Let’s use a little common sense and reasoning here. If the Last Supper was in actuality a Mass, then how could Jesus be sitting there with the elements at the same time saying the elements were his body and blood? Do you think the disciples understood Jesus to be speaking literally, since the Law prohibited the eating of blood? And if the human body of Christ is located in heaven at the Father’s right hand, how can it be at the same time in millions of places in Masses all over the world? Isn’t it more likely that Jesus was using the bread and wine figuratively so as to provide Christians with symbols to celebrate with as a memorial?
Rome also claims that in the Eucharist Christ is sacrificed to God, and that the Last Supper was in itself a Mass. If the Last Supper was indeed a sacrifice of Christ, then we have an illogical situation of Christ sacrificing himself before he was sacrificed on the cross. Additionally, if each Mass is a sacrifice of Christ, then we have a direct contradiction of the Bible which says that Christ was sacrificed once for all time, and that this eliminated the need for continual sacrifices.
Hebrews 7:26-27: For such a High Priest was fitting for us, who is holy, harmless, undefiled, separate from sinners, and has become higher than the heavens; who does not need daily, as those high priests, to offer up sacrifices, first for His own sins and then for the people’s, for this He did once for all when He offered up Himself.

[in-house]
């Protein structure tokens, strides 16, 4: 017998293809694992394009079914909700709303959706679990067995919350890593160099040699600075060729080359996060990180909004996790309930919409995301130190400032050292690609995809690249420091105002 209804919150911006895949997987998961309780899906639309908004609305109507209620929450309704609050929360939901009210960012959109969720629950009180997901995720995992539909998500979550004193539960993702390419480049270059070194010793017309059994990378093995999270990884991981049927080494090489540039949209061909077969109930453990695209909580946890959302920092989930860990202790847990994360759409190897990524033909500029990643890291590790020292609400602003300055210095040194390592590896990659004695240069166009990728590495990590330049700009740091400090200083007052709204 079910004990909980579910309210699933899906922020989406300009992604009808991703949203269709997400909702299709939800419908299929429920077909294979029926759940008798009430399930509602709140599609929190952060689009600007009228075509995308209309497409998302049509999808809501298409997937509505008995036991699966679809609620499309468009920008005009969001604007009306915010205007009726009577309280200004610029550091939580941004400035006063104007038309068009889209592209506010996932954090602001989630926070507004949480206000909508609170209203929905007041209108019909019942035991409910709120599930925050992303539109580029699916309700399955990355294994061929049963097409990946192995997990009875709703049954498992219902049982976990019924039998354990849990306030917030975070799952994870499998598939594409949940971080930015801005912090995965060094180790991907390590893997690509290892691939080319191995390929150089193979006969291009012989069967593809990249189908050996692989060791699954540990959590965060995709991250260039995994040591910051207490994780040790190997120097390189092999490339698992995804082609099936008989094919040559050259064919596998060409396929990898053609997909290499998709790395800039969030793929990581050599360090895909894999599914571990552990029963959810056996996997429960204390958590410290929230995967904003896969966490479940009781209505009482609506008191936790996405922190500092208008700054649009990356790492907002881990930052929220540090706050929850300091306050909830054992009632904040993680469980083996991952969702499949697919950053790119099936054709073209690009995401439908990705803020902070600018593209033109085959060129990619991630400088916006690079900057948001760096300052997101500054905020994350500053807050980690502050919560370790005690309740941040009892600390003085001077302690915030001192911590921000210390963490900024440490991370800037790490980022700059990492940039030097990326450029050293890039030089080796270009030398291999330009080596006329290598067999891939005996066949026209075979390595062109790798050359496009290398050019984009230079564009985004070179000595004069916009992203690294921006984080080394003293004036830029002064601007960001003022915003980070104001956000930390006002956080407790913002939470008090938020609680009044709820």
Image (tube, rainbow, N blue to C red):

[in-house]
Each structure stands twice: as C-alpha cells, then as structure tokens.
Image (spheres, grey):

Hebrews 9:24-28: For Christ has not entered the holy places made with hands, which are copies of the true, but into heaven itself, now to appear in the presence of God for us; not that He should offer Himself often, as the high priest enters the Most Holy Place every year with blood of another— He then would have had to suffer often since the foundation of the world; but now, once at the end of the ages, He has appeared to put away sin by the sacrifice of Himself. And as it is appointed for men to die once, but after this the judgment, so Christ was offered once to bear the sins of many.
Hebrews 10:14: For by one offering He has perfected forever those who are being sanctified.
1 Peter 3:18a: For Christ also suffered once for sins, the just for the unjust, that He might bring us to God
Lastly, notice also that deliberately failing to participate in the Sunday Eucharist is a mortal sin, which would mean the person was in a state outside of grace and in danger of going to Hell. This would also mean that the Mass is necessary for salvation, thereby adding to the plain teaching of Scripture that we are saved by faith apart from works. (Acts 16:30-31).
The Roman church has many reasons why they claim this is all true, and twist the Scriptures to justify much of it. However, once the reasons are examined in light of Scripture in context, one is able see that the whole basis of this teaching is because the Church says so - because they are the Magisterium, and they have the authority to speak for God, while the Pope is Christ’s representative on earth. Of course, by examining the history of the papacy and of the Catholic Church, one sees immediately the fraudulent nature of these claims.